CHAPTER III
CRITICISMS OF THE EARLY 'DOCTRINE OF INSTINCTS'
IN all, there seem to be ten such criticisms, and they will be dealt with in accordance with their degree of relevance and importance.
1. The Behaviourist Criticism
The criticism offered by the Behaviourists was the most radical and extreme of all the criticisms we shall have to consider. Since it exerted such a wide and pernicious influence upon subsequent psychology, especially in America, we shall discuss it at some length.The Behaviourist view in its most extreme form was expounded by Watson, and can be formulated in the following way.First, we are given two basic assertions:
1. We have no right to posit perceptions and feelings in the animals or persons we are observing. In so far as we are scientific, we must take into account only those stimuli and responses which are strictly observable.
2. Similarly, we have no right to introduce into our explanations such immaterial concepts as 'motives' or 'purposive tendencies'.

Given these two propositions, Watson argues, it can be said that: 'There is no such thing as the inheritance of temperament, capacity, mental constitution or mental characteristics . . .' and, '. . . all that is inherited is a pattern reaction, the separate elements of which are movements principally of the striped muscles.' All that is inherited is a number of reflexes. These, from the very outset of the individual's life are subjected to processes of conditioning which are continuous and complex, and which give rise to 'Compound-Reflexes'. Consequently: 'all so-called instinctive behaviour is really learned behaviour.' The intricate sequences of action which have been termed instinctive by the writers we have considered, are really the outcome of a long process of learning, taking place throughout the course of the individual's development.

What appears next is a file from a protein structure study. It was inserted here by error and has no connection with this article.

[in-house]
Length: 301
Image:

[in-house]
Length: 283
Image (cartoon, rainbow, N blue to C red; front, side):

The Behaviourists support their argument by reference to the 'Lawof Parsimony'

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